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How Do New gTLDs Affect SEO?

Posted 17th June, 2014 by Aliysa

As hundreds of new domain names become available, the big question on many marketers’ lips for the last few months has been ‘will the new domain names impact upon SEO?’ It’s been a bit of a mystery for a while how the new TLDs will be treated by search engines, with SEO speculators taking mixed stances. So what does the evidence suggest?

The topic of domain extensions and SEO has been a long-standing debate, dating back before the new TLDs started launching, when it was just .com, .net, etc. Google’s public stance is that their searches return the best results for users, regardless of a sites gTLD. But if you do some hunting you’ll find articles and forum comments contradicting this - that Google prefers .com extensions to .net, for instance.

With the dawn of the new gTLDs, including .guru, .coffee, .shoes plus a dozen hundred more, the debate has been reignited. Search engines have kept relatively quiet on the topic and despite Google stating that one TLD does not have an advantage over another, this was over 2 years ago, and the cynics in all of us have to question whether what Google says, and what Google does, completely aligns.


How Might New gTLDs Affect SEO?

The new TLDs provide site owners the opportunity to register domain names that contain their keywords, which would otherwise be unavailable as a favored .com or .co.uk. Granted they may be available with more obscure extensions, such as .biz or .name, but the new TLDs provide an opportunity to register domains that include keywords, with relevant extensions. For instance, your keywords might be 'SEO agency', but seoagency.com and seoagency.co.uk may be unavailable, and seoagency.biz or seoagency.name are less ideal as they’re less known, therefore less trusted, and make a lot less sense. A good alternative may be seoagency.marketing, which contains the keywords, makes more sense and is a domain with an extension that is untarnished in reputation.

What we don’t know is whether an extension can double up as a keyword, which is picked up by Google and treated identically to the rest of a domain name. I.e. - would ‘bristolguitars.music’ have more ranking potential than ‘bristolguitars.com’ as ‘music’ is a relevant search word?

If keywords in domain extensions do have some sort of SEO weight, then this needs to be considered in the context of EMDs (Exact Match Domains). The example of seoagency.com is an exact match domain if a user searches for ‘SEO agency.’ EMDs used to be popular when search engine algorithms were less complex, but they since have decreased considerably in SEO weight. However, many believe there to still be some ranking weight in EMDs, although it’s another matter that is fiercely debated by marketers. What’s noteworthy in regards to the new gTLDs, is the possibility of ‘super EMDs.’ For instance, ‘searchengine.marketing’ would be an EMD for the term ‘search engine marketing’ and ‘slough.construction’ for the query ‘Slough construction.’ The launch of hundreds of new domain extensions could potentially spark a new wave of EMDs.

Lets not forget another big factor - user perception. .coms and .co.uks are typically seen as the most reliable, proven and certified domain extensions as a rule-of-thumb by users, and tend to have an edge over other extensions on SERPs. So something that will be interesting over the course of the next few years is as how your average browser will perceive new TLDs. Will the likes of .shop, .pub and .rentals gain the trust of users through their descriptive nature, or will they struggle to integrate into a previously rooted web landscape?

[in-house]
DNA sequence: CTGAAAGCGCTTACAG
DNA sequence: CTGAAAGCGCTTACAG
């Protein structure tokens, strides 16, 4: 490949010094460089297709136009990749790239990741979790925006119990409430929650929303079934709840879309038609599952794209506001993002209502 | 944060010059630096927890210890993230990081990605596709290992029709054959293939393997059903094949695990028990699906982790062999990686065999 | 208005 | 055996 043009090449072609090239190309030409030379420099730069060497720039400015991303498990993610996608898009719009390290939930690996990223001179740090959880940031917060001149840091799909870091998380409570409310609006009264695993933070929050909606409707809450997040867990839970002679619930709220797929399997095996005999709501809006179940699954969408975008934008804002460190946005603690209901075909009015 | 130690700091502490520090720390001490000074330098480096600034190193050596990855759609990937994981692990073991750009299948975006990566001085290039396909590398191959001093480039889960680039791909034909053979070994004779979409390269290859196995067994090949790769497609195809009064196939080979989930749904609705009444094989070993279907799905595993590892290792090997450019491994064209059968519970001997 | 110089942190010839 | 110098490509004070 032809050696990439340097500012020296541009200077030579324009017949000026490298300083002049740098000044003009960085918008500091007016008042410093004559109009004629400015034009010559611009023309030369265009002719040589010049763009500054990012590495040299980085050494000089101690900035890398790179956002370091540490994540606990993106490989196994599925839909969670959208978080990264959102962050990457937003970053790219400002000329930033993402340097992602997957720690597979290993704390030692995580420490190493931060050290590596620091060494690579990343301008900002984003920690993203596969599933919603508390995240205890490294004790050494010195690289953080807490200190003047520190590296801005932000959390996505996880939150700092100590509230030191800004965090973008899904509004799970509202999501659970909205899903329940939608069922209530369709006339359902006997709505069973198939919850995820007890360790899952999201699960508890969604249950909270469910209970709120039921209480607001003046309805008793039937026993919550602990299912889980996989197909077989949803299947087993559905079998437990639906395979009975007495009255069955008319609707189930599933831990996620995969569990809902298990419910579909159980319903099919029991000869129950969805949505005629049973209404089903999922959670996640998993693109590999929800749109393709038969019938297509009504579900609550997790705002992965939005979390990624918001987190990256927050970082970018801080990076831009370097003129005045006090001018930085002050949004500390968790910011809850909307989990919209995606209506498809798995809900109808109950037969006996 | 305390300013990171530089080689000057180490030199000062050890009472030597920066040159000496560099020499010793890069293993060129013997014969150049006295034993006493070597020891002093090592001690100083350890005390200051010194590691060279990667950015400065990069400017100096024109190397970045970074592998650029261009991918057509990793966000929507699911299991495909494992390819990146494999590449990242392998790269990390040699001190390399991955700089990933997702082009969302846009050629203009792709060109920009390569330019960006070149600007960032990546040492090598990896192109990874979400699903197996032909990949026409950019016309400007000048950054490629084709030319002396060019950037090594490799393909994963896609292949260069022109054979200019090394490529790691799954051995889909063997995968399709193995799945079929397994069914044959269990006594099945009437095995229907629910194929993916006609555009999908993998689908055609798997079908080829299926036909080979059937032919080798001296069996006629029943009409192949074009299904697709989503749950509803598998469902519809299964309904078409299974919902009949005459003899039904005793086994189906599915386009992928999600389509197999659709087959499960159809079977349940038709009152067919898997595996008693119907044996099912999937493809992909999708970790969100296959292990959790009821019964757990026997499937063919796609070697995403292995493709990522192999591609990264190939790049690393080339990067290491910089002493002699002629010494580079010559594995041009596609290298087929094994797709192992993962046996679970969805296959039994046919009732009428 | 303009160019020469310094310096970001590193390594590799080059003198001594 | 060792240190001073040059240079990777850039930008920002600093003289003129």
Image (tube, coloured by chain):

How Could New TLDs Be Used In Search?

If you look at country level domains, and how search engines use extensions such as .co.uk to better target those in the UK, the potential of new TLDs to be used in a similar way springs to mind. For instance, for the search ‘travel agency in London’ some extra search weight may be applied to .travel and .london domains, as these sites are more likely to be relevant. At the moment this is no more than speculation about how they could be used, if not now then in the future. Currently we know that new location domains such as .london and .berlin are being treated as gTLDs by Google for the time being.

There’s also the potential for the rise of search by domain extension. It’s little known, but it’s already possible to do this with a Google search, either through a ‘site:.gtld’ query or through the advanced search page. Whereas this feature is of little use for the traditional extensions, it has much more potential for search with new extensions, such as specific locations searches (e.g. .london) and topic searches (like .marketing or .photography). It may be a feature to look out for.


Despite the possibility of new TLDs having some degree of impact upon search engine rankings, what should not be forgotten is that there are many, many factors which determine the contents of organic search results. Though you should put thought into the domain name you choose to register, do not blow its importance out of proportion. On page factors like content and off page factors such as links have larger SEO weighting and offer a lot more to think about.

Categories: SEO, Domains

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